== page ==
Iowa City, Iowa 52242


Purpose:

The main purpose of this study is to determine the most efficient way for families to reduce problem behavior in their children with an autism spectrum disorder. Parents will be trained using telehealth to use applied behavior analysis (ABA) procedures to improve child behavior and communication. The study compares an established type of ABA assessment and treatment to a briefer, more streamlined version of this same type of assessment/treatment.


Study summary:

Managing challenging behavior in autism spectrum disorders (ASD) can profoundly improve quality of life for children and families. However, many families lack access to research-based treatment, such as applied behavior analysis (ABA). This study is a randomized trial comparing outcomes of treatment for ASD using either a standard Functional Analysis Plus Functional Communication Training (FA+FCT) package or a pragmatic version that offers a briefer, less time-intensive model of FA+FCT. Both types of FA+FCT are provided via telehealth in family homes to maximize generalizability to real-life settings. Providing ABA through telehealth makes an effective treatment accessible across geographic barriers so that no child is excluded based on where they live. The study also examines key family factors that influence successful outcomes. The study has 3 primary aims: (1) To assess outcomes for ABA telehealth by assigning children to either a Pragmatic FA+FCT group or to a group receiving Standard FA+FCT. Outcomes will be compared based on the percent reduction in problem behavior, communication increases, time to achieve outcomes, treatment fidelity, family acceptance of treatment, and generalization and maintenance of treatment gains. (2) The study will assess the relation of family factors to treatment efficacy and acceptability by assessing parent stress, mood, and social support in relation to outcomes. (3) Cost effectiveness will be assessed in relation to the treatment methods used and the efficiency of ABA telehealth. The study will include 102 children who meet eligibility criteria from among a larger sample of 150 children. Thirty-six children will receive intervention in each of three states: Iowa, Georgia, and Texas. Study design is a randomized trial using an intent-to-treat analysis. Half of the sample will be randomized to Pragmatic FA+FCT and half to Standard FA+FCT. Treatment will be provided via telehealth using FCT, which is a function-based ABA technique in which parents are trained to be therapists under the direction of behavior consultants. Study procedures typically are completed within 6 months, and follow-up assessments occur 6 months after treatment completion. Data analyses include comparisons between assessment groups, single-case designs examining responses in individual children, cost analyses, and regression analyses of the effects of family factors on outcomes. The investigators prior research shows that problem behavior can be reduced by over 90% in most children with ASD after 4-6 months of telehealth treatment. If Pragmatic FA+FCT can reduce problem behavior at rates comparable to Standard FA+FCT, then treatment can be started sooner and families can achieve successful outcomes at lower cost. Although pragmatic FA+FCT provides less behavioral information, it may be more resistant to treatment relapse because it does not involve reinforcing high rates of problem behavior.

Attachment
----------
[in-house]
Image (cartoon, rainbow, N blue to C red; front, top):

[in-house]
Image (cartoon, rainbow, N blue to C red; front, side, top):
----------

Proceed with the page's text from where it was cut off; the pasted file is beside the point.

Criteria:

Inclusion Criteria: - Confirmed diagnosis of autism spectrum disorder - Significant behavior problems requiring treatment - At least one parent willing to be trained in behavior analysis via telehealth Exclusion Criteria: - Unstable or degenerative neurological disorder


NCT ID:

NCT02456298


Primary Contact:

Principal Investigator
Scott D Lindgren, PhD
University of Iowa

Scott D Lindgren, PhD
Phone: 319-353-6142
Email: scott-lindgren@uiowa.edu


Backup Contact:

N/A


Location Contact:

Iowa City, Iowa 52242
United States

Scott D Lindgren, PhD
Phone: 319-353-6142
Email: scott-lindgren@uiowa.edu

Site Status: Recruiting


Data Source: ClinicalTrials.gov

Date Processed: November 20, 2017

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